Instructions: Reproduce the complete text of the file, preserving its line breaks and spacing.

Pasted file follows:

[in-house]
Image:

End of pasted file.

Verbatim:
[in-house]
Image: